The Scottish government has unveiled its blueprint for independence, ahead of the Scottish referendum in 10 months time. The government's 649-page, 170,000-word White Paper confirmed its plans to keep sterling as Scotland's currency, reduce corporation tax by three per cent and to stop the roll-out of welfare reforms.
Independence would also see Trident got rid of and the Queen kept as head of state. The document also promises the re-nationalisation of the Royal Mail.
Nicola Sturgeon, deputy first minister, said today that independence is not an end in itself, but the means to building a more successful Scotland. The White Paper gives three "over-riding reasons" for independence: to build a more democratic country, a more prosperous economy and a fairer society.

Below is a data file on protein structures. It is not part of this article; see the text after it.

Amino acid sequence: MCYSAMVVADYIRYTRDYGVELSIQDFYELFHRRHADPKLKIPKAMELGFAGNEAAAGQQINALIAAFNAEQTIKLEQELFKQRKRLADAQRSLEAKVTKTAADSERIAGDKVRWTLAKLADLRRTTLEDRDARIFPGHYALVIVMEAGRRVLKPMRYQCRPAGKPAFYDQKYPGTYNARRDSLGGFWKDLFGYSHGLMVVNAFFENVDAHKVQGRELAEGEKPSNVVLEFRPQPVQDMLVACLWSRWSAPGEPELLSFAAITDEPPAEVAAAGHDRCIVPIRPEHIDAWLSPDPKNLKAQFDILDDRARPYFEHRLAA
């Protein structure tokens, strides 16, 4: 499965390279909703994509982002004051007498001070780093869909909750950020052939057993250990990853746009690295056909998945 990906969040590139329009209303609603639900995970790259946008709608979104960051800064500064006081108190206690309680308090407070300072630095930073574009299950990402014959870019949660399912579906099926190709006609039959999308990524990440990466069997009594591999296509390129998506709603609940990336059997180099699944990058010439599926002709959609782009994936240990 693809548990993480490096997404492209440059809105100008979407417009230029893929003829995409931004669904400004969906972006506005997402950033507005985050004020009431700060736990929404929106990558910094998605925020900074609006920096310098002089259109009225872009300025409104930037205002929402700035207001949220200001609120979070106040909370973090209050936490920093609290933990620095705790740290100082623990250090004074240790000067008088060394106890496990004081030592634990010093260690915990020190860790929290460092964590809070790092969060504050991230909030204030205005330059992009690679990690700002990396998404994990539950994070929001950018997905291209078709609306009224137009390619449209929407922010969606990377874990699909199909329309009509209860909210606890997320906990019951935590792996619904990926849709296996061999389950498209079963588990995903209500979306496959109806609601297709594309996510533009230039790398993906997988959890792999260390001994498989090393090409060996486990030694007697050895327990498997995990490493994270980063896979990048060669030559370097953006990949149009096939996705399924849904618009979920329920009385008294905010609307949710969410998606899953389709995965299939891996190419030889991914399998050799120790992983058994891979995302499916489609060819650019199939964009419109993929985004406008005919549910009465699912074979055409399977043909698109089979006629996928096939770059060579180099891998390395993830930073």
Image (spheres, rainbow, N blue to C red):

When it came to fiscal policy, the SNP argues that independence would bring "full control over fiscal policy, with full powers on taxes, spending and borrowing". Currently, the Scottish parliament is responsible for seven per cent of taxes raised in Scotland.
Not all assessments of the country's financial position make independence look wholly viable. A recent report by the Institute for Fiscal Studies (IFS) said that an independent Scotland would need to raise taxes, cut spending - or both - in order to create a sustainable economy and avoid a fiscal black hole. And chief secretary to the Treasury Danny Alexander said ahead of the paper that independence could lead to taxes rising by £1,000 per person. Alexander said: “This is a very stark reminder of why it is in the interest of Scotland to pool these risks, not go it alone.”
But first minister Alex Salmond responded to the IFS's report that Scotland "more than pays it way in the United Kingdom at the present moment": "What we should be looking at in Scotland is how we change the circumstances of this country by using investment to grow the economy to generate more jobs, more revenue and give us a sustainable future."